The poll found that 64% of GPs agreed that people with a learning disability receive a poorer standard of care than those without, but that only 54% of hospital doctors did.
More than one in three GPs (35%) said they had personally seen a patient with a learning disability receiving poorer care or facing discrimination.
In total, 200 GPs and 200 hospital doctors were polled by ICM for the GMC.
Commenting on the survey results, GMC chief executive Niall Dickson said: ‘We know that too often patients who have a learning disability receive poorer treatment and that sometimes health professionals fail to see past the patient’s disability to identify underlying physical problems.’
The results of the survey were published as the GMC launched an online resource offering practical advice for doctors treating this group of patients.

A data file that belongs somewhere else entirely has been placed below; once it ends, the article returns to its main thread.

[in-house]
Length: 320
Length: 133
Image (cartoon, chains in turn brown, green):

Mencap chief executive Mark Goldring said it was clear that many doctors recognise that the care of people with a learning disability is ‘simply not good enough’.
‘It is not right that they continue to receive a poorer standard of healthcare than the rest of the population despite having greater health needs,’ he said.
Mr Goldring said the GMC’s online resource represented a commitment from the regulator to help tackle this problem.